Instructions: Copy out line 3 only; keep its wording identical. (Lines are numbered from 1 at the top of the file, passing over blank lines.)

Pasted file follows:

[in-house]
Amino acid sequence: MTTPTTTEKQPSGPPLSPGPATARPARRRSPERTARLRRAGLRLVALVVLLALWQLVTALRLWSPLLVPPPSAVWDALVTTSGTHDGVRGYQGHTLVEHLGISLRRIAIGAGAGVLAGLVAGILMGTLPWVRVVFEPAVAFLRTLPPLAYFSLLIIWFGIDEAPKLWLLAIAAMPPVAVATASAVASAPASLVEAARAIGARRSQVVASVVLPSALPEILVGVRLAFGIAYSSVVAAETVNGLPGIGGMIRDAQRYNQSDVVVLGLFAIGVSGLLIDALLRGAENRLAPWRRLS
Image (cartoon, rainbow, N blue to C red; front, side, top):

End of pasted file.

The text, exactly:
Image (cartoon, rainbow, N blue to C red; front, side, top):